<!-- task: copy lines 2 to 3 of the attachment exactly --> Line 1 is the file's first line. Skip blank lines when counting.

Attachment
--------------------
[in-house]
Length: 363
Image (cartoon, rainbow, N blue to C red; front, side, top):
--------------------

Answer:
Length: 363
Image (cartoon, rainbow, N blue to C red; front, side, top):